Is annulment just a Catholic Divorce? This article explains the controversial Roman Catholic position on love, marital intimacy, divorce, remarriage and celibacy.
The Beatles wrote a song that was the sensation of 1967, “All you need is love.” This the same point made a few years earlier by an ecumenical council of the Catholic Church.
Made for Love
Gadium et Spes 24, Vatican II’s Constitution on the Church in the Modern World, says this: God is Trinity, a communion of persons who pour themselves out in love to one another from all eternity. If we human beings are made in the image and likeness of God, then we are clearly designed for love. In fact, we really can’t find ourselves without giving ourselves in love sincerely and completely.
That’s also the central point of the second story of Creation in the Book of Genesis. It depicts Adam in paradise, surrounded by splendor and comfort, but nevertheless unfulfilled. God therefore creates the animals as companions. He can enjoy their company and be their loving master. But he cannot have communion, true fellowship, with them.
Marriage as Total Self-Giving
So God fashions woman from Adam’s own flesh. When he wakes up and sees her, he is thrilled. In every way, she is a perfect fit–in body, soul, and spirit. She complements and completes him. But she is not created as a commodity for his consumption, much less a disposable one to be used and discarded. The love that makes us like God is a communion that is the fruit not of taking, but of giving. And it is not about partial giving, but giving of one’s entire self.
Now one of the characteristics of human beings is that we have a future. Total self-giving means giving ourselves not only in the present moment, but giving our entire future as well. For this reason, the relationship of authentic marriage founded on true love, has to be “till death do us part.” This is why Jesus is so uncompromising on this point (Mark 10:2-16), and why the Catholic Church to this day maintains the Lord’s unpopular position against divorce and remarriage.
Ah, but what about that “Catholic Divorce” known as annulment?
A decree of nullity is not “Catholic divorce.” Divorce means the splitting apart of those who have become one body and one spirit. But what makes a man and woman one flesh and one spirit is not a ceremony presided over by a judge or even a priest. It is the sincere gift of self on the part of both parties that is free, total, exclusive, permanent, and open to a further act of self-giving love called parenthood.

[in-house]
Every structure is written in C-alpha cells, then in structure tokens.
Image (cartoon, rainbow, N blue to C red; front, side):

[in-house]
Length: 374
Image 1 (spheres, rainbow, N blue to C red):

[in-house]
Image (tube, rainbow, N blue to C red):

A decree of nullity means that, after an extensive investigation by Church authorities, it has been discovered that despite the ceremony, something essential was lacking in the gift of self of one or both of the spouses and therefore the bond was not forged.
It could be that one or the other of the spouses did not intend this union to be “till death do us part,” but rather “till it becomes inconvenient.” Or it could also be because one or the other never intended to accept children lovingly from God and planned from the outset to use every means to thwart such fruitfulness. Such an arrangement is not marriage, in the biblical and Catholic meaning of the term, despite what society thinks.
How Celibacy fits In
But here’s another question–if we are made for love, and Adam was incomplete until he found fulfillment in marriage, then what does that say about those who never marry?Are they doomed to unhappiness and a life that is not fully human?
Far from it. The Lord Jesus was the perfect man and, Da Vinci Code fantasy aside, was never married. He poured himself out in suffering love “till death do us part.”
Many follow in his footsteps in consecrated celibacy. Others follow in his footsteps in a more hidden way, without canonical vows, but quietly and tirelessly giving of themselves to family, friends, patients, clients, and those in need who come to them.
The Beatles were right. Love is all you need. But, though God created marital intimacy and called it good, the essence of love is not romance but rather self-giving.
This post focuses on love, marriage, divorce, annulment and celibacy. It reflects upon the readings for the 27th Sunday in Ordinary Time, liturgical cycle B — Genesis 2:18-24; Psalm 128; Hebrews 2:9-11; Mark 10:2-16.